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posted by Brett on 2012-09-13

So I was uploading my trail cam pictures the other day and immediately saw this picture and thought, “shooter!!!... 140 inch 8 pointer with a neat little kicker/drop tine”, but the more pictures I started to see and the more I started studying this buck, the more I realized that I was looking at a young, up and comer.  It was kind of a bitter sweet moment really.  At first, he was a “shooter” a “hit lister” buck, but then I realized he was only 3 and therefore needed to be taken off of my hit list.  


When it comes to growing, holding, and harvesting big deer... it’s all about the age.  The BIGGEST key into shooting big whitetails, is by letting them grow till they’re at least 4 years of age or older.  A whitetail usually doesn’t reach his fullest potential of antler growth until he’s at least 5 and in some cases, they can continue to put on more bone, all the way up to the ages of 8 or 9.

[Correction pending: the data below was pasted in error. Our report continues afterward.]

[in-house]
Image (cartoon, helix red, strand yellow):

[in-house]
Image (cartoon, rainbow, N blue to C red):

Depending on your level of discipline, time you have to spend in the field and the emptiness or fullness of your trophy room, all can play a large role in the shooting or passing of the younger bucks (mainly the 3 year olds).  If you wanna shoot monsters, then you’ve got to grow monsters and the best way to grow monsters is to let them reach their peak age of their antler growth.  I once heard a man say, “you can’t shoot a great buck, if you shoot a good buck.” and that saying is very true.


Truth be told, it’s gonna be pretty hard for me to pass on this deer if he walks out in front of me, but I also know that if I can hold off, he’s only gonna be bigger next year, allowing a good buck to turn into a great buck.

Trail cam


Trail cam